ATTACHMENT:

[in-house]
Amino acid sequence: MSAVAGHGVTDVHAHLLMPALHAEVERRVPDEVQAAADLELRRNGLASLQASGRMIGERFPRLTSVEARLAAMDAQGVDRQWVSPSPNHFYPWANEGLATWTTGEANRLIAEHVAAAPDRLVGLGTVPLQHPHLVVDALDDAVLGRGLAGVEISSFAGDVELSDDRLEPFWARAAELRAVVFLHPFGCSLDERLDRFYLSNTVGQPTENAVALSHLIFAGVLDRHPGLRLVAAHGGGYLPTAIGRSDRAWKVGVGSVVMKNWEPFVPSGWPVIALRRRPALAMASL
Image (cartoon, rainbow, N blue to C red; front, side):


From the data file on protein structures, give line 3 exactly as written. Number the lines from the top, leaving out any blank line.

Image (cartoon, rainbow, N blue to C red; front, side):